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Instructional Materials For A Technician Level Course In Plasma Aided Manufacturing

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2005 Annual Conference


Portland, Oregon

Publication Date

June 12, 2005

Start Date

June 12, 2005

End Date

June 15, 2005



Conference Session

Curriculum Development in Manufacturing ET

Page Count


Page Numbers

10.774.1 - 10.774.8



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Paper Authors

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David Hata

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NOTE: The first page of text has been automatically extracted and included below in lieu of an abstract

Instructional Materials for a Technician-Level Course in Plasma-Aided Manufacturing David M. Hata Portland Community College


Plasma-aided manufacturing is a critical technology in the manufacture of integrated circuits, MEMS, and other nano-scale components as well as the surface modification and coating of a variety of materials. As a result, there is a growing need for technicians to be equipped to install, maintain, and troubleshoot plasma-based tools. Community colleges have been ill-equipped to meet this need, lacking educational materials, teaching laboratories, and knowledgeable faculty.

Portland Community College, through a grant from the Advanced Technological Education Program at the National Science Foundation, has addressed this need by developing technician-level educational materials, prototyping a teaching laboratory for plasma-aided manufacturing, and training community college faculty.[1] This paper provides a summary of PCC’s three-year development and implementation effort.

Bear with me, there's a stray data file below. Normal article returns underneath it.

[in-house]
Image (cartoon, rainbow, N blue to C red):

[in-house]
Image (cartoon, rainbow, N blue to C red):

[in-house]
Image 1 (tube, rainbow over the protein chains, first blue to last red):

The lack of instructional materials is a major deterrent in developing and implementing a technician-level course in RF plasma processing at the community college level. A search of the literature produced only graduate-level textbooks.[2,3]

Equipment needed to implement a teaching laboratory to support a technician-level course was also lacking. Equipment to support simple plasma demonstrations was available from scientific equipment companies, e.g. Fisher Scientific, but no plasma training systems were on the market. Low-end process tools that could be adapted to serve as a training system in a teaching environment were available, but the minimal cost of these production systems was in the range of $60,000 to $80,000.

Given these deficiencies and the fact that few community college instructors had the technical experience in plasma-aided manufacturing to produce needed instructional materials in RF plasma technology, virtually no courses in RF plasma technology were being offered in technician-level degree programs. To address these deficiencies, the National Science Foundation awarded Portland Community College a three-year grant through their Advanced Technological Education Program. This paper describes the products and results of this three-year project.

“Proceedings of the 2005 American Society for Engineering Education Annual Conference & Exposition Copyright 2005, American Society for Engineering Education”

Hata, D. (2005, June), Instructional Materials For A Technician Level Course In Plasma Aided Manufacturing Paper presented at 2005 Annual Conference, Portland, Oregon. 10.18260/1-2--15304

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